Consider the following companies are just some of the major companies involved in either accounting fraud or corporate fraud of various kinds: Adelphia, AES, Duke Energy, El Paso, Merrill Lynch, Reliant Energy, Rite Aid, Parmalat, AOL Time Warner, Dollar General, PNC Bank, Cendant, Citigroup, Computer Associates, General Electric, ImClone, Peregrin, Xerox, Bristol Myers, HPL, JP Morgan Chase, Kmart, Lucent, MicroStrategy, Network Associates, Tyco, Enron, Global Crossing, Halliburton, Omnimedia, Merck, Qwest, Sunbeam, and there are many more, including major accounting firms and major stock brokerage houses.The losses associated with these companies is in the billions. These are losses suffered by millions of hard working Americans. These losses have nothing to do with a market that turned down. These losses have nothing to do with our economy or investing principles. These are losses people have suffered because of corporate and accounting fraud. Traditional retirement planning should not include fraud, but all of this has happened within the traditional framework.
When I wrote this originally, the date was December of 2008 [See Real Estate or the Stock Market?]. I wrote then that we have the biggest fraud in history exposed by the admission of the prior head of NASDAQ. “The arrest of investment manager Bernard Madoff on charges of running a $50 billion “Ponzi scheme” may be only the beginning of the legal saga involving the Wall Street veteran.” Read Legal Experts See Wide Fallout From Madoff Case. This massive Ponzi scheme has devastated mutual funds and hurt thousands of people. Among those who invested with Madoff: Tremont Capital lost hundreds of millions; Maxam Capital Management has combined losses of $280 million; Fairfield Greenwich Group may have lost $7.3 billions; Fix Asset Management may have lost $400 million; and the list goes on.
What bothered me about what I was taught at the investment brokerage was that we were to tell people they should trust us with all their money and invest for the long run with traditional retirement concepts, even when the market is falling dramatically and they are losing a lot of money. I remember thinking, what kind of financial nonsense is that? Even today, financial advisers are taught to tell you and all their clients that they should just “invest for the long run” while they are losing hundreds of thousands of dollars with every market downturn. In other words, stay on the merry-go-round, or should we call it a roller coaster? As if fraud isn’t bad enough, the traditional investment approach is broken.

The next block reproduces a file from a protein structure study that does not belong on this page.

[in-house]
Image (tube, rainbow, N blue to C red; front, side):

In the past six years real estate lost a lot of its value, too, but it didn’t go “poof,” and it didn’t go to zero value because of fraud. It depreciated because of a host of mortgage crises and so on. But what about now? If traditional retirement planning is not so reliable, if it is not guaranteed to provide you with a steady retirement income so long as you live, what should you do?
I do not pretend to give you personal financial advise here. That is far too complicated and requires a lot of close work with your financial adviser. What I do recommend is that you have a financial adviser who is wise and does not take the party line, someone who has the knowledge and experience to give you advice to build a retirement income that will outlast you.
I do believe in investing in stocks and bonds and using tax advantaged investments for retirement, but there is something that I think you should also consider seriously. Your adviser who relies upon traditional retirement planning is not necessarily going to agree with me, but here it is. Real estate is a solid investment if purchased at the right price, and if you purchase single family homes in the right location with the right features. [I do not like REITS or real estate investment funds which would put you right back in the stock market.] Own single family homes in your own name or your own trust. There’s hardly any debate that we are at or near a bottom in real estate prices, and the future is very likely to give single family homes some of the best appreciation you will find in the coming ten years and beyond.